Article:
Aiko Yamashiro

A Recipe for Tofu Bittermelon

Cut bittermelon in half, lengthwise. Scrape white pith and seeds out.
Cut into slices.
To remove bitterness, blanch in boiling water or soak in ice water for a little while.
Or keep the bitterness in if you like.
Fry the tofu (drained and mashed lightly). We are using tofu to try to make it more healthy.
Add ‘Ono Hawaiian Seasoning and dashi stock (or powder) if you like.
Add bittermelon towards the end. The more you cook it, the less bitter it will be.
Green onions, egg, shoyu, bonito flakes, all optional.
You have to make your own taste.

The less bitter it will be
because my father can see into the future, he tries his best to teach me something: to talk to my sister while doing dishes [in preparation for oceans and years and our lives between us]. to sing loudly and joyfully, off-key, who cares. to say things without thinking, and then regret them. that you can take over a country with powdered milk. that it’s better to drop dead than become a burden. that the best flavor comes when you burn shiitake mushrooms until they cry [this he learned from his mother] we change the subject to something funny that happened last week. for a moment, he is a boy perched on the front steps, laughing. “i know you are a good man,” but i don’t say it; these are not the kinds of things we say to each other. and then i am leaving. again, [when a father can only tell his daughter so much before she wants to climb into a container deep inside herself and close the door.]

The less bitter it will be
for my father who follows me around the kitchen giving me advice about the car—the oxygen intake sensor—making sure i am eating enough, that i know the kimchee is local and that the meat with the green beans is kielbasa, not spam. that he didn’t shower yet, in case i want to hold him at arm’s length. talking and talking. about work stories and going-back-to-school stories and being a (legal and illegal) race car driver a long time ago. about grandpa being one of 13 children. leaving the room and returning to ask again about the car. leaving the room and returning with half an orange, cut into thin sections. asking if I remember how to eat it like that, the way grandma would cut it?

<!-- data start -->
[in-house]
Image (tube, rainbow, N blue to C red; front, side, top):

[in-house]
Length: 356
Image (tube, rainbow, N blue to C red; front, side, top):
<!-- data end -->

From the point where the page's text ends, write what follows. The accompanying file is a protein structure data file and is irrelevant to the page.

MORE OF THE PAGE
i know he misses me but can’t say.
before i leave, i tell him to go to the doctor, please.

The less bitter it will be
after your lanky-bodied high school truancy, after the United States Air Force sent you to places you won’t tell me about, [after other things about us I can’t write here]

after dreaming of small things: hospital and mortgage debts paid, an extension on the house. after more dreams waking you at 4am: of men dying, crying, or begging.

as the bamboo in the yard begins to shut out the light, as the kitchen roof caves after the heavy storm, after going Longs, Foodland, bank, gas, Longs, Foodland, bank, gas, after saying “I’m too busy” to go to the family New Year’s day party and then sitting alone in front of the TV all night,

after beer #9 or #10 or #11, after cigarette #13. after learning your body can no longer metabolize sweetness, that you may eventually go blind, or lose a foot, as this disease has already slipped into his her your our blood this is when, maybe, the ritual begins
that pierces the soft belly of the word “genealogy,” when you repeat to me
“When I go, I want to go quick, like my father did.”

Family Recipe / Tree / Shortcuts

1 Easy

easy bake oven little girl
all you three kids
sitting in a row
waiting for the light bulb to cook your little cake
that’s why i always like to hear your stories
and i always imagine you little girl
in them
and it makes me smile little girl
and sometimes it makes me cry

2 Map

3 Legend

“remembered her”

He remembered she as the woman he first met: sophisticated and clean.
She remembered Guam, but pretended to forget his name.
Her parents chose not to remember her, an ocean away from Honolulu.
Her mother remembered all herweakness.
She remembered -self, when she discovered she was pregnant.
He remembered when she called him every humid night, late, bare-footed.
Her sister remembered when she asked him out of nowhere to bring her home.
His mother remembered to warn him away from an older woman, with a daughter.

Her daughter remembered everything she said

detail of Diasporic Waters - Joy Enomoto - 2014
Baninnur: A Basket of Food

Aiko Yamashiro was raised in the powerful embrace of the Ko‘olau mountains in Kāne‘ohe, O‘ahu. Her ancestors came to Hawai‘i from Japan, Okinawa, and Guåhan. She is currently blessed to be a graduate student and teacher in the University of Hawai‘i at Mānoa’s Department of English. Her interests include decolonial and anticolonial literature of Hawai‘i and the Pacific. With Noelani Goodyear-Ka‘ōpua, she recently co-edited The Value of Hawai‘i 2: Ancestral Roots, Oceanic Visions (University of Hawai‘i Press, 2014). The poems here explore food as genealogical trace as we find our ways home.